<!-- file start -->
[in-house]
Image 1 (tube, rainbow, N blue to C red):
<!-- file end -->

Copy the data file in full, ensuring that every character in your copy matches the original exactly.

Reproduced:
[in-house]
Image 1 (tube, rainbow, N blue to C red):